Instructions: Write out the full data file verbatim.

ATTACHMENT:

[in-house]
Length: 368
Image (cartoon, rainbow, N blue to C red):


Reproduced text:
[in-house]
Length: 368
Image (cartoon, rainbow, N blue to C red):